Even the monuments get dressed up for Halloween in Boston!
Paul Revere on Halloween!
This is the Paul Revere statue from the North End of Boston commemorating his famous “Midnight Ride”. It looks like he’s dress up as the Headless Horseman from the Legend of Sleepy Hallow. Very scary!
Hopefully you’ve been following Banksy’s month long residency and outdoor exhibit in New York City this month. Without even touching the somewhat provocative messages of this pieces, there is something really fun about this style of guerrilla street art. I wish I could be hunting his new pieces each morning! I love the thrill of discovery and that moment of personal appreciation and enjoyment in front of clandestine art. There is no gallery, no reviews of the show and no artist to hear your praise (or criticism). Street artists create art out of their own creative need and to hopefully make us think as we pass their work. I certainly appreciate street art and think it improves our urban areas.
Pasted paper street art in Cambridge, MA
St. Anthony processing through the decorated festival streets of the North End, Boston.
The funny thing about traditions is that sometimes a community starts their own. One of the things I miss about Boston in the late summer are the neighborhood street festivals including the Portuguese and Italian celebrations in Cambridge and Boston. While these events have the flavor of old Europe, they are decidedly American celebrations. The biggest of all of these, the St. Anthony’s Fest in the North End, is coming up (Aug 23-25, 2013) and a fun chance to celebrate Italian-American culture. (My photos below are from last year.)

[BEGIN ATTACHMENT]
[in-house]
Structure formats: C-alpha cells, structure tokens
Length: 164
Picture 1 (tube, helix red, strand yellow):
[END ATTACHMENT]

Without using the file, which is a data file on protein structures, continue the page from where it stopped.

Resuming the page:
The restaurant I’m recommending for “Best Brunch in Boston” actually has only average to above average food. The dim sum at Empire Garden is good and certainly satisfying, but I really want you to go there because of the unbelievably beautiful and historic dining room.
Empire Garden Chinese Restaurant, Boston (photo: Wikimedia)
I ventured to down to Copley Square in Boston this Saturday. An avid fan and patron of the Library, I’m usually down every other weekend, but following the Marathon bombings, I haven’t been able to go. With a cautious reverence, I went to the now very familiar bombing locations. I expected to see two holes in the sidewalk, extensive damage to the buildings, or something to mark the horror of April 15th, but there was nearly nothing. Its true, Boston is in fact strong and cleans up well, but it felt eerily empty considering how many lives were changed along this street just a few weeks ago. Not far away in Copley Square, a large “U”of police barricades and park benches had been transformed into a make-shift bombing memorial.